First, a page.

Mini Promises New Design Language for the EV Age
Mini is updating its design language ahead of the debut of three new models in a short span of time, with the new style dubbed Charismatic Simplicity.
The automaker will begin producing the next-gen Cooper and Countryman later this fall, with the Aceman due in 2024.
The next-gen Cooper hardtop, set to be offered in EV form, will be the first major redesign in a decade.
Mini's model range is about to take a sharp turn toward EVs, and this inevitably means an evolution of the brand's design language. The current generation basic hardtop arrived in late 2013, after all, so quite a bit of time has passed between the debut of the outgoing model and the arrival of the next-gen Cooper.
And just ahead of the arrival of a fresh new crop of Mini models, the automaker has revealed a few more details about its new style, dubbed Charismatic Simplicity, giving the world a preview of upcoming design elements.
The aim is to give each new model its own strong individual character via distinctive styling features, while also giving the model range a family look.
"With our new Charismatic Simplicity design language, we are completely rethinking the iconic Mini. Our purist, progressive approach combines the simplicity of functional elements with the emotionality that Mini is renowned for," said Oliver Heilmer, Head of Mini Design (pictured above).
Of course, there are a few boundaries with Mini design compared to other brands. Under the BMW umbrella over the past two decades, Minis have maintained a strong resemblance to the initial Cooper model of 2000 patterned after the classic Austin Minis, even if they have continuously grown in size over the three generations of the basic Cooper two-door hardtop.
For the next generation of models, Mini is keeping the circular central instrument display, as part of what it calls a visually reduced interior. With a diameter of 9.4 inches, the new OLED infotainment touchscreen now combines all the features of an instrument cluster with the functions of on-board monitor and climate controls. The new frameless appearance promises a minimalistic user interface—a quality that we'll have to see for ourselves to fully appreciate.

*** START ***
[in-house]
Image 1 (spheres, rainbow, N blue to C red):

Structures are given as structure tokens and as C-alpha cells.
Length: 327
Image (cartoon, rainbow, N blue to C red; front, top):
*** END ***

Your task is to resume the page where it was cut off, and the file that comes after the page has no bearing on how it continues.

"We are convinced that the conscious reduction to a few, but expressive elements enable innovations that would have been unthinkable before," Heilmer promises.
Mini is also making a few changes to the look of its steering wheel. But don't worry—it's not becoming a yoke. In fact, it will look far more retro than just about all other modern automakers' steering setups.
There will be two steering designs to choose from: a two-spoke wheel will be standard, while an optional version will feature a third spoke with a fabric finish in addition to what Mini calls a sporty geometry.
Seats are changing as well, with Mini promising armrests that will be integrated into the seats for the first time. The automaker also promises that Vibrant Silver will be a recurring interior color theme, with a shimmering metallic look.
When it comes to exterior design, it is evident even in these camouflaged photos that Mini is actually folding many of the proportions and details into the next-gen models.
But when it comes to wheels, the choices will be effectively unrecognizable to current Mini owners. A six-spoke fan blade design is easily the star of the new wheel lineup, with Mini betting on a bold and two-dimensional look unlike anything in the British Leyland model's long history.
"The completely redesigned light-alloy wheels also follow the principle of the new design language. The Mini wheels of the upcoming model family no longer focus on the sculptural nature of the spoke structure, but on a graphic design characterized by strong color contrasts," the automaker notes.
When will we see the first Mini models with this new design language?
The next-gen Cooper hardtop and Countryman will enter production this November, while the Aceman crossover will arrive later in 2024. All three will be built in Leipzig, Germany, alongside other small BMW models. So in a very short span of time we'll see three new Minis materialize.
Will Mini be able to transition its customers to EVs in a relatively short span of time, or will there still be plenty of demand for gas-powered Minis later this decade? Let us know what you think.